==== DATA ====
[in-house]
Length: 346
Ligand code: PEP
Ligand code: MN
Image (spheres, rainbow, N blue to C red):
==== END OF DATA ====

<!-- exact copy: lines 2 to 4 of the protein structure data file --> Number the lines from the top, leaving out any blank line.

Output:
Length: 346
Ligand code: PEP
Ligand code: MN